The FCC’s Inspector General has launched an investigation into whether Pai acted inappropriately as he rushed to dismantle media consolidation rules.
FCC boss Ajit Pai is being investigated by his own agency over potential corruption allegations.
The already-unpopular agency boss has been on a tear in recent months gutting decades old media-consolidation rules designed to protect consumers and the nation’s media markets from any one broadcaster becoming too powerful.
Pai’s efforts arrived, not coincidentally, at the same time Sinclair Broadcasting Group is attempting to acquire Tribune Media as part of a $3.9 billion dollar megamerger. It’s a deal a bipartisan chorus of critics say would demolish media diversity, resulting in Sinclair owning more than 230 local stations across 72 percent of the United States.
Given criticism of Sinclair for its often distorted and inaccurate news reporting, consumer advocates say the deal would have a profoundly negative impact on the quality and diversity of media discourse, as well as already dwindling competition in the space.
Without Pai’s assistance on this front, the Sinclair merger would have been impossible.
Now the New York Times indicates that the FCC’s Inspector General has launched an investigation into whether Pai acted inappropriately as he rushed to dismantle media consolidation rules.
Late last year, "the top internal watchdog for the F.C.C. opened an investigation into whether Mr. Pai and his aides had improperly pushed for the rule changes and whether they had timed them to benefit Sinclair," the report states.
"It was unclear the extent of the inspector general’s investigation or when it might conclude, but the inquiry puts a spotlight on Mr. Pai’s decisions and whether there had been coordination with the company," said the Times. "It may also force him to answer questions that he has so far avoided addressing in public."
Energy and Commerce Ranking Member Frank Pallone, Jr. (D-NJ), who has been calling for an inquiry for much of last year, was quick to applaud the revelations.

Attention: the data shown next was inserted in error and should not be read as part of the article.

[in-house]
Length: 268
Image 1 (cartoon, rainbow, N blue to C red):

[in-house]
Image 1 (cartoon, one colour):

“For months I have been trying to get to the bottom of the allegations about Chairman Pai’s relationship with Sinclair Broadcasting,” Pallone said on Twitter.
“I am particularly concerned about reports that Chairman Pai may have coordinated with Sinclair to time a series of Commission actions to benefit the company,” Pallone added. “I am grateful to the FCC’s Inspector General that he has decided to take up this important investigation.”
Consumer groups were similarly-quick to pounce on the announcement.
"Until the inspector general’s investigation is complete, Chairman Pai and any other FCC staff subject to this inquiry should recuse themselves from all dealings related to Sinclair’s proposed takeover of Tribune Media," Free Press Senior Counsel Jessica J. González said in a statement.
"If the investigation finds that Pai or any other FCC staff did indeed let their own bias and favoritism shape decisions related to the deal, they must not be permitted to vote on this matter and they should be subject to other appropriate ethics-review processes,” González added.
The inquiry joins a rotating crop of other investigations into Pai’s behavior during his first controversial year as agency head. A GAO inquiry is also looking into why Pai’s FCC appears to have made up a DDOS attack in order to try and downplay massive public opposition to the agency’s repeal of popular net neutrality rules.
Pai’s agency is also facing numerous lawsuits over allegations that Pai ignored the public as he rushed to repeal those rules. New York Attorney General Eric Schneiderman penned an open letter to Pai last year effectively accusing him of blocking a law enforcement inquiry into the numerous bogus comments that flooded the agency in support of its unpopular repeal.
Pai has frequently made light of concerns he’s too cozy with the giant corporations he’s supposed to be holding accountable. And while these investigations and lawsuits may or may not culminate in evidence of corruption or violation of agency rules, Pai’s policies alone leave few questions about where his loyalties lie.